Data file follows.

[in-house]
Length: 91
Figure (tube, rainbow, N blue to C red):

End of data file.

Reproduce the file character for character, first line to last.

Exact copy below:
[in-house]
Length: 91
Figure (tube, rainbow, N blue to C red):